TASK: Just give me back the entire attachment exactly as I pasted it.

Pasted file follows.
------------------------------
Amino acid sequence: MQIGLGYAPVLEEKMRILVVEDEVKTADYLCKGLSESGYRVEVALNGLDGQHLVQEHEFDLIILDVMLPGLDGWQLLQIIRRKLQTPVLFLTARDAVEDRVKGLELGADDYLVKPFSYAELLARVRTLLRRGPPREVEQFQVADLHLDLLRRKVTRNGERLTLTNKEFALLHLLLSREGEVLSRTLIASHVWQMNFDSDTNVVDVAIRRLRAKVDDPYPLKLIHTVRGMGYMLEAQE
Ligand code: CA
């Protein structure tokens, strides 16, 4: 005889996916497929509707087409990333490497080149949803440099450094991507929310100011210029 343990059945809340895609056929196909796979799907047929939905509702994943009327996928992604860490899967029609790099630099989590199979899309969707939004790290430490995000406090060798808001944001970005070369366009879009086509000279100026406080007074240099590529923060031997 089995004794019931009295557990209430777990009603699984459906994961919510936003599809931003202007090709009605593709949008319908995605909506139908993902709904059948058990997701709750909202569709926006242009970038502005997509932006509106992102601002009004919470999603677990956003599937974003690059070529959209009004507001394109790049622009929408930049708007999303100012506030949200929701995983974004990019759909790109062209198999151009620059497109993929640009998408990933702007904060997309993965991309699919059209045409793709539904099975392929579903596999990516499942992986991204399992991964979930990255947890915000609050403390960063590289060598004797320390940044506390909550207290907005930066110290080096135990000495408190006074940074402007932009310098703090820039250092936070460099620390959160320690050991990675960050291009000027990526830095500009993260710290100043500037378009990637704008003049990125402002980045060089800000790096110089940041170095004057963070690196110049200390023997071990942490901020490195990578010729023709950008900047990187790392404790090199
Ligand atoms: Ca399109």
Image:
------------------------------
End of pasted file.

Amino acid sequence: MQIGLGYAPVLEEKMRILVVEDEVKTADYLCKGLSESGYRVEVALNGLDGQHLVQEHEFDLIILDVMLPGLDGWQLLQIIRRKLQTPVLFLTARDAVEDRVKGLELGADDYLVKPFSYAELLARVRTLLRRGPPREVEQFQVADLHLDLLRRKVTRNGERLTLTNKEFALLHLLLSREGEVLSRTLIASHVWQMNFDSDTNVVDVAIRRLRAKVDDPYPLKLIHTVRGMGYMLEAQE
Ligand code: CA
């Protein structure tokens, strides 16, 4: 005889996916497929509707087409990333490497080149949803440099450094991507929310100011210029 343990059945809340895609056929196909796979799907047929939905509702994943009327996928992604860490899967029609790099630099989590199979899309969707939004790290430490995000406090060798808001944001970005070369366009879009086509000279100026406080007074240099590529923060031997 089995004794019931009295557990209430777990009603699984459906994961919510936003599809931003202007090709009605593709949008319908995605909506139908993902709904059948058990997701709750909202569709926006242009970038502005997509932006509106992102601002009004919470999603677990956003599937974003690059070529959209009004507001394109790049622009929408930049708007999303100012506030949200929701995983974004990019759909790109062209198999151009620059497109993929640009998408990933702007904060997309993965991309699919059209045409793709539904099975392929579903596999990516499942992986991204399992991964979930990255947890915000609050403390960063590289060598004797320390940044506390909550207290907005930066110290080096135990000495408190006074940074402007932009310098703090820039250092936070460099620390959160320690050991990675960050291009000027990526830095500009993260710290100043500037378009990637704008003049990125402002980045060089800000790096110089940041170095004057963070690196110049200390023997071990942490901020490195990578010729023709950008900047990187790392404790090199
Ligand atoms: Ca399109």
Image: